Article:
10. File:Notice of Termination for Authorization under TPDES General Permit

    Open Energy Info (EERE)

    AFDC Printable Version Share this resource Send a link to EERE: Alternative Fuels Data Center Home Page to someone by E-mail Share EERE: Alternative Fuels Data Center Home Page on Facebook Tweet about EERE: Alternative Fuels Data Center Home Page on Twitter Bookmark EERE: Alternative Fuels Data Center Home Page onYou are now leaving Energy.gov You are now leaving Energy.gov You are8COaBulkTransmissionSitingProcess.pdf Jump to:ar-80m.pdf Jump to: navigation,camdirsept.pdf Jump

  11. Notice of Intent (NOI) for Storm Water Discharges Associated...

    Open Energy Info (EERE)

    Intent (NOI) for Storm Water Discharges Associated with Construction Activities under TPDES General Permit (TXR150000) Jump to: navigation, search OpenEI Reference LibraryAdd to...

  12. Impacts of emission reduction policies in a multi-regional multi-sectoral small open economy with

    E-Print Network [OSTI]

    Nesterov, Yurii

    to an increasingly constraining environmental policy driving up the ratio price of permits to price of energy is higher. Given an environmental policy that increases the price of energy (through an energy tax policy in the energy intensive sector. We show that such a property does not necessarily hold

  13. Natural Gas and the Transformation of the U.S. Energy Sector: A Program Studying Multi-sector Opportunities and Impacts

    SciTech Connect (OSTI)

    Gossett, S.

    2013-01-01T23:59:59.000Z

    In recognition of the major transitions occurring within the U.S. energy economy, the Joint Institute for Strategic Energy Analysis (JISEA) and Stanford University's Precourt Institute for Energy (PIE) engaged energy system stakeholders from government, industry, academia, and the environmental community in a discussion about the priority issues for a program of rigorous research relating to natural gas. Held December 10-11, 2012 on the Golden, CO campus of the National Renewable Energy Laboratory, the workshop provided invited experts opportunity to describe the state of current knowledge in defined topic areas, and to suggest analytic priorities for that topic area. Following discussion, all stakeholders then contributed potential research questions for each topic, and then determined priorities through an interactive voting process. This record of proceedings focuses on the outcomes of the discussion.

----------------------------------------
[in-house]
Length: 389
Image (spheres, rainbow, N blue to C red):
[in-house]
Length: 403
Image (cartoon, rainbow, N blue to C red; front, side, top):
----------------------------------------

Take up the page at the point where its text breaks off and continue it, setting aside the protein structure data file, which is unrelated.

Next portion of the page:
14. Impacts of Drought on Environmental Resources

    E-Print Network [OSTI]

    Yang, Zong-Liang

    Impacts of Drought on Environmental Resources Mike Personett Assistant Director Watershed (dilution is the solution) ­ More pronounced impacts from wastewater discharges ­ Accumulation of non Prevention and Reduction ­ Monitoring and Evaluation ­ Regulation (TPDES MS4) ­ Stormwater Treatment ­ Public

  15. LOWER RIO GRANDE VALLEY TEXAS POLLUTANT DISCHARGE

    E-Print Network [OSTI]

    and programs (initial involvement) TAMUK and Task Force developed storm water management plans and obtained TPDES Storm Water Plans Storm Water Management Program Post-Construction Storm Water Management Control Best Management Practices (BMPs) to address each of the six (6) MCMs mandated by EPA TAMUK developed

  16. Stormwater Management

    E-Print Network [OSTI]

    Jaber, Fouad

    2008-10-23T23:59:59.000Z

    on Environmental Quality (TCEQ) operates the NPDES program under the Texas Pollutant Discharge Elimination System (TPDES). Three stormwater activities are regulated: municipal separate storm sewer systems (MS4s), industrial activities and construction activities... of 100,000 or greater ? Eleven categories of industrial activity ? Construction activity disturbing 5 or more acres of land Phase II regulates construction activities covering between 1 and 5 acres and regulated small MS4s. Phase II expands the Phase...

  17. Mainstreaming Transport Co-benefits Approach: A Guide to Evaluating...

    Open Energy Info (EERE)

    Guide to Evaluating Transport Projects AgencyCompany Organization: Institute for Global Environmental Strategies Focus Area: Multi-sector Impact Evaluation Topics: Best Practices...

  18. Strategic Programs | Department of Energy